Reflections on July 4, 2020
I’m on a bucket-list trip with my wife and kids. We’re traveling across the country for two weeks in a rented RV. We’re having a blast.
But I’m also feeling somber. This trip has given me much to think about.
We had to pick up the RV in a town in Virginia that wasn’t far from where my grandmother was raised and my mother spent her summers when she was very small. This part of Virginia was as southern as they get back during the Civil War, and I’m not sure much has changed there.
When I was growing up our family had two bricks from a house on our ancestral family property in Virginia. It was my understanding that the bricks were made by slaves. I’m not sure why we collected these brick back in the day and I never remember them being prized possessions. We never really talked much about them. They are in my possession now, as I couldn’t see just throwing them away when my parents began to downsize their life. To me, they hold a place in my family’s history. Not one that I celebrate, but one that shouldn’t be forgotten.
When I picked up the RV for this trip, I took my kids to meet my grandmother’s 90-year old cousin who had some insight into my family’s history. I wanted to know the story of the bricks.
Someday I’ll write more about this visit, but for today, I’ll just say I left with the understanding that one of my ancestors owned 93 slaves.
93 slaves. 93 human souls were in the bondage of chattel slavery for the benefit of my family.
When I began the process of trying to find out the truth, I had these romantic ideas of spending time finding out if there were any local descendants of my family’s slaves, meeting them, and discussing … whatever it is you discuss with people whose ancestors your ancestors considered property.
But 93? Good god. When I shared this news with a friend his response was to point out their descendants would number in the hundreds now. That’s an understatement. It was almost in the hundreds THEN.
As I shopped at the local supermarket that evening, I couldn’t help but wonder if any of the local black population WASN’T a direct descendant of that group of people. I didn’t know what to do. I didn’t feel guilty, exactly. I just felt terrible. I have people tell me not to worry about it all the time. That I don’t need to feel guilty for something I didn’t do. They hide behind fancy words like “intersectionality” and prove how caring they are because they believe all lives matter and life is hard for everyone.
Kumbaya, my lord. Kumbaya…
We eventually made our way to Mt. Rushmore. I’d been to Mt. Rushmore before when I was 9. I don’t remember much about that trip other than being frustrated by how distant the sculpture was and that I couldn’t see it. I think the entire visitors’ center is different today because I can’t imagine being any closer. The sculpture really are something to behold.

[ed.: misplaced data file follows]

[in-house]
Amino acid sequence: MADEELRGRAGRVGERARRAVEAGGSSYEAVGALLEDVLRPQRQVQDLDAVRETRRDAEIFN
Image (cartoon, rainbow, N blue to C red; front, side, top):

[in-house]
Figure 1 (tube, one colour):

The cognitive dissonance I experienced this visit was real. I so wanted to be able to feel the pride I had in the site as a 9-year-old kid. But I couldn’t. I couldn’t shake the reality that two of the men on the mountain owned other humans. But what bothered me more was that a significant portion of our country doesn’t think it matters. Nor do they seem to think it matters that the land on which the monument “sits” was stolen from the people who were there before us.
These things matter, and we need to deal with them if our country is ever going to heal.
(If you’re curious, we didn’t realize President Trump was going to visit Mt. Rushmore this year until we were about 2 hours from getting there ourselves. We left before his arrival.)
When my marriage was about to fail over a decade ago I had to decide if I wanted to save it.
I did. But for this to happen I had to dive real deep into what was causing the divide in my relationship with my wife. We were showing all the symptoms you hear about. We would argue about finances, goals, sex…you name it. But these were symptoms of deeper problems. I had to deal with things I’d done very early in our relationship before healing could occur.
I had to take an inventory of the things I’d done, apologize for them, and commit to making them right. I did all of these things. More than a decade later we’re a bit embarrassed by how in love we are with each other. In some ways we’re stronger because of the bad parts. The process we went through to address those shortcomings created a bond that wouldn’t have been possible otherwise.
Our country is going through (and has always been going through) a similar challenge. I don’t think it’s a stretch to compare a failing marriage to a failing country like ours.
We must address the carnage the American way has left behind. We need to listen to how we’ve hurt others, and learn what needs to be done to bring healing. Ignoring the hurt is nothing other than gaslighting on a national level.
I don’t claim to know how reparations should play out. But I‘m convinced we need them. Interestingly, I’m not even convinced reparations are entirely about the money. I believe the most important part of the healing from reparations will come about because our willingness to enact them is the tangible evidence of our repentance.
I didn’t know how to be married when I first got married. I just didn’t. It took a lot of work, sacrifice, and even a change of everything I thought my marriage would be. If we’re willing to refer to the democratic principles our forefathers laid out as the “American Experiment,” couldn’t we expect there were some things there that were failures and are in need of significant change?
Because clearly there are.